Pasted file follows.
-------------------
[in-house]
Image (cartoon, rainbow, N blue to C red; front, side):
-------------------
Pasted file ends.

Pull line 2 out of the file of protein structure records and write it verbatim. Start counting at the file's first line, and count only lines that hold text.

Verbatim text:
Image (cartoon, rainbow, N blue to C red; front, side):